Aesthetics Do Matter: My Main Concern with the 2012 Concept and How IndyCar Can Make It Work

Marshall Pruett had an interesting combination interview/commentary with Tony Cotman earlier this week.  While various parts of both Cotman's answers and Pruett's editorializing are noteworthy and are sure to spark disagreements, it was the photo at the top that caught my eye: a split image of a 1996 and a 2001 Reynard ChampCar.  It's a perfect illustration of what the caption says: even in CART's heyday, evolution was a slow process, and cars looked pretty much the same year to year, but that didn't seem to matter at the time.  It was still exciting racing that drew big crowds.  Now, however, everyone is clamoring for revolution, something new to grab the attention of the masses.  So what's changed?  I'll tell you: the current Dallara is ugly.  And based on the concepts shown, 2012's cars could end up just as ugly.  And that would be bad.

To explain my point, first let me make an example of NASCAR.  The COT, in it's winged configuration, was widely derided for how it raced and the car's tendency to turn into an airplane when turned around.  The belief among many fans (and some commentators) was that these problems were due to the wing, with varying degrees of science to back it up.  The wing made it difficult to see past the car in front.  The wing caused to much dirty air.  If the wing provides downforce forwards, then it must provide lift in reverse.  To them, the answer was simple: the spoiler.  It would solve all of NASCAR's problems. Even though a spoiler sticks up just as high and blocks just as much of a view.  Even though the spoiler caused dirty air before the COT.  Even though cars with spoilers still flipped before the COT.  What the spoiler did do was make the COT look more like the traditional stock car shape.  Aesthetically, the cars improved overnight, and the fans rejoiced.  That, to me, was the real basis of the complaints: the look.  The popularity and excitement over the new Nationwide cars, which look more like their street counterparts, bear this out.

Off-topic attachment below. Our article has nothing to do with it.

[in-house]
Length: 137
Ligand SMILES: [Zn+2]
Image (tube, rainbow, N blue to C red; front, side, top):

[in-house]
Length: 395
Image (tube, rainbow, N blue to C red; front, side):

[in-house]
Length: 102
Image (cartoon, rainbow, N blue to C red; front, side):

IndyCar's current Dallara is not a fan favorite, and though the racing has been entertaining (save for the inevitable Red Car domination), it hasn't been pretty.  With it's needlelike nose and bulky airbox, the car looks unbalanced on ovals, and worse, ungainly on road courses.   It's a far cry from the elegant nimbleness of the Lola that exemplifies the best remembered times in the sport.  It's one of the reasons why both the Lola and Swift 2012 concepts were popular among fans - they both had basic shapes which hearkened back to those late-90s models, while still being modern and forward looking.  Meanwhile, Dallara too had some concepts which made an attempt to channel that nostalgia, but nothing that was as graceful or attractive.  Still, they were passable.

Then came the announcement.

At this point, I should mention that I stand with Pruett on the idea that different looking chassis don't mean a heck of a lot to me.  The gallery that accompanies his article has some fantastic comparison shots, like this one with a '97 Reynard and a '97 Swift.  Is the difference really that great?  In still shots, you really have to look to see what's different, and moreover, you need to be a hardcore enough fan to know where exactly to look.  For a casual fan, watching cars scream by at 200MPH?  The variations become negligible and insignificant.  Those geeks among us (I count myself as one) could be in for glorious times if the new strategy works as IndyCar says it will, and we get multiple aero packages to dissect and debate about.  Johnny A. Racefan in the stands?  He ain't gonna care so much.